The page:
Bridging the Divide on Health Care for Women

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Bridging the Divide on Health Care for Women

Laurie Rubiner

We need to expand access to affordable, quality health care, and should find a way to make it a reality. Planned Parenthood is ready to work. We invite others to join us so that Americans no longer suffer under a broken health care system.

This article first appeared in Daily Kos.

There have been some whoppers this summer. Nothing like an effort to make health insurance more affordable and available to all Americans to bring out the conspiracy theorists. Among my “favorite” whoppers:

(1) Grandma is going to go before a government death panel (I wonder if the government death panel will be modeled on the death panels of profit-motivated insurance bureaucrats that deny people lifesaving treatments every day in this country?);

(2) According to a recent Republican National Committee mailer, the Democratic government is going to check your political party registration, and if you’re a Republican you’ll be denied health care;

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(3) Catholic bishops are persuading their parishioners that health care reform will mean that every single American is going to have to pay for their neighbors’ abortion.  Perhaps the most egregious of all in this debate has been New York Times columnist Ross Douthat, who decided to start a sibling rivalry in heaven between the late Senator Ted Kennedy and his late sister Eunice Shriver over their respective views on abortion. Let’s hope that in time, Mr. Douthat will look back on this most inhumane column and regret what he wrote.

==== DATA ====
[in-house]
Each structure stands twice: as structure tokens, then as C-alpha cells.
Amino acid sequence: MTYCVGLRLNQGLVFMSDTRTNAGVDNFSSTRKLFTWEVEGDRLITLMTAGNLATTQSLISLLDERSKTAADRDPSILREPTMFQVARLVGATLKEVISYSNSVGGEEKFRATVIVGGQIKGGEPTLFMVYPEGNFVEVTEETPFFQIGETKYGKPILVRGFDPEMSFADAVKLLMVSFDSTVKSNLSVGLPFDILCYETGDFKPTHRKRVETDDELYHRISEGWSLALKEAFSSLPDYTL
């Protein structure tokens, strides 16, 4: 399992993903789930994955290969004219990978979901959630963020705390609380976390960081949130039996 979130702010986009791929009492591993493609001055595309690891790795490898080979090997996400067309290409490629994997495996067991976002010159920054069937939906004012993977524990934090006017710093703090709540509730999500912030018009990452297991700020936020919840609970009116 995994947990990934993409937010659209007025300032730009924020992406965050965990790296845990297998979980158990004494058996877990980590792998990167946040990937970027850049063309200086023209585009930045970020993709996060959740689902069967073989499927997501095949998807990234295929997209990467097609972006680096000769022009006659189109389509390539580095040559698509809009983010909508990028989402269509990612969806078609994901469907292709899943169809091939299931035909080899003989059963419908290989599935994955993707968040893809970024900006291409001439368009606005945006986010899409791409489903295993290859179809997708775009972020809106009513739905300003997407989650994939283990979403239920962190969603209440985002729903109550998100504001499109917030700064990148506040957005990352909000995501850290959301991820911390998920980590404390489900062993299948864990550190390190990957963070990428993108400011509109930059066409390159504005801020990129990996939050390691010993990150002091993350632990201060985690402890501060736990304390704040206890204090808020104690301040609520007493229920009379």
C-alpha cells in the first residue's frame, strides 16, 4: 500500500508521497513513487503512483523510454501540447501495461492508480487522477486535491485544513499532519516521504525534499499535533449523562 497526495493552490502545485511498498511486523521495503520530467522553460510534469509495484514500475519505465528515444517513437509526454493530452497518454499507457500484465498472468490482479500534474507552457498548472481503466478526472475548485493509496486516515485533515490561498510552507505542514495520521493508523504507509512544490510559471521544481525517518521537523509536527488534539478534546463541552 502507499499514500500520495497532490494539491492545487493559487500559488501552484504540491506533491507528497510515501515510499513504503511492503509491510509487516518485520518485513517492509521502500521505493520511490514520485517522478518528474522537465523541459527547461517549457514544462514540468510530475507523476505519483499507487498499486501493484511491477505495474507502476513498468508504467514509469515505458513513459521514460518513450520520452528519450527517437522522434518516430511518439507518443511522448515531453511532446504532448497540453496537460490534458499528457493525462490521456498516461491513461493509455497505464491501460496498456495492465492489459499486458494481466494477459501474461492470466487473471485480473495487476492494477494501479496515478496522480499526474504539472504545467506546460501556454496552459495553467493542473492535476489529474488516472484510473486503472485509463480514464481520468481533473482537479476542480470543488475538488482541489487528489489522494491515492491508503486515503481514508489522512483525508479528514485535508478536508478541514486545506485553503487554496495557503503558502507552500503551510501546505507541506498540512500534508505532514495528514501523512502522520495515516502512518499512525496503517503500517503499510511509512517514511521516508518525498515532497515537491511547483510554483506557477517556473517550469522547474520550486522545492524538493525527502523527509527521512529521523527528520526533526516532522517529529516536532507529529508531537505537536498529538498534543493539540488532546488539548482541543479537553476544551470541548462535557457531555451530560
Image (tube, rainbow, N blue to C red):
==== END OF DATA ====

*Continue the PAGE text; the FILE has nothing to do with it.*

With all this hyperbole, we have lost sight of the original goal of health reform: to expand access to health care, improve quality, and reduce costs — not to litigate abortion rights, no matter how much anti-choice groups may want to use it for that purpose. And Planned Parenthood knows firsthand that women in particular need access to more health care, better quality health care, and more affordable health care. After all, women are affected far more than men by the costs of our health care system — they pay more for health care, use the health care system more, and make the health care decisions for their families.